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Excluding security of tenure from a commercial lease under the Landlord and Tenant Act 1954

As a commercial tenant negotiating a lease agreement, you might be asked by the landlord to agree to ‘contract out’ of your protected right to security of tenure, but what does this mean?

Here we’ll be covering the process of excluding security of tenure under the Landlord and Tenant Act 1954 by explaining the meaning of it, why commercial tenants might want it and why landlords might want to exclude these rights, as well as the legal process for contracting out of security of tenure.

Lease negotiations can be tricky and it's vital that you understand your commitments before entering into an agreement. Our expert commercial property solicitors will always be on hand to provide business focused, plain-English advice.

What does security of tenure mean?

The Landlord and Tenant Act 1954 provides tenants of business premises with rights of ‘security of tenure’. This means that once a business tenant’s lease expires, the tenant has the right to request a new lease on the same terms as the previous lease (subject to agreement on commercial terms, such as the amount of rent, and any updates in law), except where the landlord has a statutory ground to refuse the grant of a new lease (for example, if the tenant has failed to pay rent or if the landlord wishes to redevelop the premises).

When agreeing to enter into a commercial or business lease, one of the things that will be discussed when agreeing Heads of Terms is whether your lease will be protectedwith security of tenure, or contracted out’/’excluded’ from security of tenure.

Why is security of tenure used? Why would landlords want it excluded from a lease? Why would tenants want security of tenure?

It is quite common for landlords to require that rights of security of tenure are excluded from a lease. This is because landlords often wish to retain strict control over the occupation of their property. If security of tenure is excluded, then you, the tenant, must vacate the property at the expiry of the lease (and in accordance with its terms) unless you have negotiated a new lease with the landlord separately.

Tenants might want security of tenure because they intend to invest in the property and to become known for trading from the property (generating goodwill). This familiarity of staying in an established location can be important for customer facing businesses.

If a tenant is considering the option of sub-letting their leased property, then as the sub-tenant's landlord, they will want to consider excluding security tenure in the sub-lease. Depending on the tenant's original commercial lease agreement, an alternative to sub-letting could be a licence to occupy.

What is the process of agreeing a lease that is contracted out?

If you and the landlord have agreed that the lease you will be entering into will exclude your rights of security of tenure (often referred to as ‘contracting out’ or ‘outside the provisions of the Landlord and Tenant Act‘), then once the lease expires, you will not have a right to request a new lease from the Landlord. There’s a particular process for serving and acknowledging this change.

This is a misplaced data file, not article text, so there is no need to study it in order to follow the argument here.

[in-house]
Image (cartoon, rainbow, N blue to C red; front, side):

It’s important that both the landlord and the tenant follow the correct procedure to ‘contract out’ of security of tenure. In order to give up these rights to renew, the tenant is required to:

  • accept and read a ‘warning notice’ from the landlord setting out that you will not have the right to renew the lease, under statute, at the end of its term; and
  • swear a statutory declaration at an independent firm of solicitors (costing a standard fee of £5) in response to the landlord’s warning notice, confirming that you are aware of the rights you are giving up. You will need to do this around the same time that you sign the lease.

For ease of progressing matters, many tenants permit their solicitors to accept service of the ‘warning notice’ on the tenant’s behalf.  Whilst we would prefer tenants to swear the statutory declarations themselves, sometimes, for whatever reason, tenants may not be able to and will ask that their solicitor does so on their behalf.  In this regard, in Part 3 of this schedule, there is a Landlord and Tenant Act 1954 Authority statement which, if signed by you, allows us to receive the warning notice on your behalf and, if necessary, grants us permission to swear the statutory declaration on your behalf.  If you are happy to give us such authority to accept service and to swear the statutory declaration, please sign and date such statement.

About our expert

Rachel Jones

Rachel Jones

Senior Commercial Property Solicitor
Rachel is a senior commercial property solicitor, with over 20 years of property experience.

What next?

It can be tricky to negotiate important terms on your commercial lease, whether you’re a commercial tenant or a landlord. Then there’s wording the contract to exclude security of tenure, and the strict process of serving notice and responding to the notice to comply with. Contact us on 0800 689 1700 for an initial consultation on the process and its implications, or fill out our simple contact form.

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